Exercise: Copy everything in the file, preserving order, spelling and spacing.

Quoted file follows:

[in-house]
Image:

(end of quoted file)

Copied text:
[in-house]
Image: